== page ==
Share Email Print
cover

Proceedings Paper

Conductivity of self-organized silicon quantum dots embedded in silicon dioxide
Author(s): Thipwan Fangsuwannarak; Edwin Pink; Yidan Huang; Young Hyun Cho; Gavin Conibeer; Tom Puzzer; Martin A. Green
Format Member Price Non-Member Price
PDF $17.00 $21.00

Paper Abstract

Silicon quantum dots (SiQDs) embedded in silicon dioxide are being investigated as a means of engineering a wide band gap semiconductor for potential application in silicon based tandem solar cells. The conductivity of the self-organized silicon dots embedded in the oxide is an important parameter in characterizing the electronic transport mechanisms. We present in this paper our initial results on measurement of the resistivity as a function of temperature. In order to reduce contact resistance aluminium contacts are annealed to induce spiking through upper layers of oxide and thus producing a large contact surface area. Samples with various initial silicon rich concentrations are compared. Activation energies for various tentative conduction mechanisms are calculated from this data and possible conduction models presented.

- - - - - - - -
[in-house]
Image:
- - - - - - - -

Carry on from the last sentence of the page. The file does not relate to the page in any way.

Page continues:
Paper Details

Date Published: 28 December 2005
PDF: 10 pages
Proc. SPIE 6037, Device and Process Technologies for Microelectronics, MEMS, and Photonics IV, 60370T (28 December 2005); doi: 10.1117/12.638399
Show Author Affiliations
Thipwan Fangsuwannarak, Univ. of New South Wales (Australia)
Edwin Pink, Univ. of New South Wales (Australia)
Yidan Huang, Univ. of New South Wales (Australia)
Young Hyun Cho, Univ. of New South Wales (Australia)
Gavin Conibeer, Univ. of New South Wales (Australia)
Tom Puzzer, Univ. of New South Wales (Australia)
Martin A. Green, Univ. of New South Wales (Australia)


Published in SPIE Proceedings Vol. 6037:
Device and Process Technologies for Microelectronics, MEMS, and Photonics IV
Jung-Chih Chiao; Andrew S. Dzurak; Chennupati Jagadish; David V. Thiel, Editor(s)

© SPIE. Terms of Use
Back to Top
PREMIUM CONTENT
Sign in to read the full article
Create a free SPIE account to get access to
premium articles and original research
Forgot your username?
close_icon_gray